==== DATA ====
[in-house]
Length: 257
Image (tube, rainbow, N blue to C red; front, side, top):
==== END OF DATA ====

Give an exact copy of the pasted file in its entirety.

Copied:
[in-house]
Length: 257
Image (tube, rainbow, N blue to C red; front, side, top):